OK, I have no idea how other OSes would have behaved in such a situation, but linux amazed me these days...
I have a brand new desktop machine (which is called obelix, with rather low specs for its age (athlon 64x2 3200+, 2 Gb RAM, Nvidia 8200), but worth the very low money less than 300€ including shipping cost) and amply sufficient for the family computing needs. Unfortunately, the SD card reader went dead a few weeks ago. A minor annoyance, but still an annoyance, especially when your camera uses an SD card... I shipped back the machine for replacement, and the aforementionned family would have had to do without a PC during that time.
That was a non acceptable situation.
I decided to try to bring back to life our previous desktop machine, called agecanonix, which had a dead SATA controller. I took out the SATA disk from obelix, put it into an external USB bay, and attempted to boot it from agecanonix. And it worked ! Well, that is, it displayed the grub menu, but refused to go farther. After a nice piece of hand from the fantastic Archlinux community, the boot process was complete, and here I was looking at the same desktop than on obelix.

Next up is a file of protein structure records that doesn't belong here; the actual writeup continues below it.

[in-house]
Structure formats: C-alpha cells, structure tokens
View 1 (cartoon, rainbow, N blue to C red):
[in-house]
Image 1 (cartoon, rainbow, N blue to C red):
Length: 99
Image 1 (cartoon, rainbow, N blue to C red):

I mean, I took out a hard drive from a machine, booted it from another (old) machine through an external USB bay, and it just *worked*. OK, the older machine also had an athlon (64 2200+) and an Nvidia card (6600GT), but still. The KDE 4.3.4 desktop was significantly slower, but that was expected.
Now, obelix is back and kicking, and it only took a few minutes to put back the hard drive into it, and get surfing again, only this time at full speed.
Again, I have no idea how other OSes would behave, but I'm left in awe for linux agility.
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